PET PLAY TIPS:

Of all the toys our dogs have, their favorites are made from ropes and socks. Tug of war play with the ropes plus chewing on them (acts like our flossing) keeps them happy.

To easily teach your dog to catch things from the air, or to want to catch a ball or frisbee in flight, start with having him try to catch popped popcorn (perhaps flavor it if he's not a popcorn fan) - it floats slower and gives him time to figure out how to catch it. Do not feed him much, though, since corn is not good for a dog's diet.

Walk Your Dog. Unless you really try to get your dog to be active, he will usually spend all day just walking around and lying down, and getting very little quality exercise. Even in a big yard, unless he is provoked into running, he'll just spend the day napping and walking, and running maybe just a little.

Make a habit of walking your dog daily, or at least playing catch and frisbee with him to get him moving. For overly hyper dogs - get him to be physically active for 2-3 hours a day in order to keep him calm - he has too much energy to run off in a house or fenced yard. Other dogs do well with an hour or two - but make it an active time - chasing, running, walking, hiking - get him moving.

Your pup will be so excited to see a leash if it means a walk - to see something different and to spend time with you!

Cheap Toys... Your pets need playthings and toys, to keep him occupied. You need not get the most expensive - pets respond well to cheap toys as well. However, don't buy toys made in China - those are known to be made with potentially toxic ingredients. For example, birds like beads hanging on string - you can make your own versions with thick string and large sold beads (not fragile ones). Dogs can have a blast with a 2 or 3 liter soda bottle, with labels taken off, and tightly capped to make sure it's quite full of air, not limp. Or even a plastic milk bottle - they can push it around, and try to lock their jaws around the slippery round body of the bottle.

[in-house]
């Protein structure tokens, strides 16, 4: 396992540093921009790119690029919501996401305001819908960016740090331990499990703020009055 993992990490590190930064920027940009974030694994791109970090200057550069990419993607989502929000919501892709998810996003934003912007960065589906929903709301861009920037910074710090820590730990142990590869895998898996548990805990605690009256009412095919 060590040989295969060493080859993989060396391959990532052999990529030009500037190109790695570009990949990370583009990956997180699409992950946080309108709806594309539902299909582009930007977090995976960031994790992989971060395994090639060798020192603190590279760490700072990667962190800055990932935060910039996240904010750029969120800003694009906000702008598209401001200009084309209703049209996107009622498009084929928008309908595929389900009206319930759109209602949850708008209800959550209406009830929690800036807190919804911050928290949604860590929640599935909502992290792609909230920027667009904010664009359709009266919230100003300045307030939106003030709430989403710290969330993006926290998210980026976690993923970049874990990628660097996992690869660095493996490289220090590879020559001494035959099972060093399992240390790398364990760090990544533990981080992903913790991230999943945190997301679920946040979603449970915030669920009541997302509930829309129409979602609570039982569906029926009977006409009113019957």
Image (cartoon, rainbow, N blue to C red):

Make sure to remove a toy once it's destroyed, or while you can't watch the dog - in case a piece breaks off and he tries to swallow it. Toys only last so long, but are a great source of fun. Old tennis balls are great - once they lose the bounce to be useful for you, let the dog have it. Take old towels and tie a knot in them, and toss them around for the dog or cat. Look around and see what is safe, and you'll soon have a great choice of toys for your pet.

A great toy that has lots of lives - take an old sock and a tennis type ball - put it in the sock and tie the sock. Your dog can entertain himself gnawing on the knot and the bounciness of the ball. If the ball squeaks that may be a bonus. If a hole is chewed into the sock, just get another sock and do the same with that ball. The dogs love it and eventually chew the ball out of it, but even just a sock with a knot in it - seems to occupy them by playing with it.

Have a puppy? They love to be wild, play hard, chew and all. We found a great "toy" for our puppy and he can spend an hour at a time with it - and it's cheap! Get a 3 liter soda bottle and empty it, then screw the cap back on - it rolls in a wind or with any push. The puppy loves to try to pounce it or catch it, but he can't catch it until his mouth gets much bigger than the bottle. He can't grasp his teeth on pretty much any part of the bottle - the air inside won't let it collapse. He just jumps it, rolls over it, bats it (and it goes rolling away or flipping up), chases it and barks at it. What a great pastime! Be sure to remove all of the labeling before letting him play - so he won't try to eat it or choke. When it does get a break, throw it away (recycle it) so he doesn't figure out how to chew it apart or eat it - keep an eye on him while he plays with it.